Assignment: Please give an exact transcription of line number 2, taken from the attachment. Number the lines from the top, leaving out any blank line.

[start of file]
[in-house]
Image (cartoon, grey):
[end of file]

Image (cartoon, grey):